ANAMIKA

'(The Blog) With No Name', perhaps best described as a stream of notes and thoughts - 'remembered, recovered and (sometimes) invented'.

Thursday, July 12, 2018

Mysore Surprises



A couple of school 'excursions' apart, I had never been to Mysore. Recently, I went there for a couple of days to catch up with Sheshadri...

A lengthy drive through the country around Mysore feels like a voyage on high seas - an experience of vast clarity and unimpeded horizon-to-horizon visions. Indeed, to a visitor from Kerala - where luxuriant vegetation and dense stands of trees clutter even the brightest of days with tangled shadows - South Karnataka is a land of open radiance, an immensity of sunshine. And this is also a playground for Winds - unfettered Winds pulsing with the magical luminosity of space and sun and scudding clouds...

Although Mysore is next door to Kerala, there is hardly anything written in Malayalam about it. As an exception of sorts one recalls an old and quite fine piece by Zachariah, one of Malayalam's sharpest writers, on the years he had spent in Mysore as a college student - but it was in English. Zachariah later wrote, in Malayalam, a substantial and often impressive travelog on Africa. And to describe my own visual experience of Mysore, I certainly can do worse than adapt a few lines from that work - and that was the last paragraph.

The human, agrarian component in the Mysore landscapes shows great variety (with rice, sugarcane, palms, banana and much else very well represented - with the occasional glory of a sunflower patch thrown in), a very welcome change from the environs of Bangalore where eucalyptus has of late come to crowd out pretty much everything else.

Mysore city, relatively untouched by 'development', is, compared to Cochin or even Trichur, green, spacious and unhurried. And it abounds in curious details....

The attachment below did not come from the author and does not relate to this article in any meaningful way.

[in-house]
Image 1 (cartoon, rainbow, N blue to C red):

A smart clock tower in the heart of the city. It has a very Euro body and a rather saracenic dome. And its dial has Kannada numerals.



Note: I now understand the tower is affectionately called 'dodda gadiyara' (big clock). There is also a 'chikka gadiyara' nearby which I didn't know about.

The grand facade of the royal-built public hospital...



... and a heraldic emblem above one of its doorways, winged mermaids and all:



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Almost adjacent to the bus stand is the Wellington Lodge, a two century old Brit-built bungalow that now houses a surprisingly rich collection of folk art - its official name translates to "Indira Gandhi National Folklore Museum". Wiki is silent about it and my guide book too has nothing so my finding it was pure serendipity. Entry is free and one can take any number of pictures. Aside: I know of no older building in Mysore.

Here are two quaint oil lamps from central India:





A sheet metal family leaning on to a wall - and onto one another:



An ornate and life-size plus terracotta bovine: